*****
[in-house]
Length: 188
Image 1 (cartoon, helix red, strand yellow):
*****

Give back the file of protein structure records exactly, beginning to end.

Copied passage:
[in-house]
Length: 188
Image 1 (cartoon, helix red, strand yellow):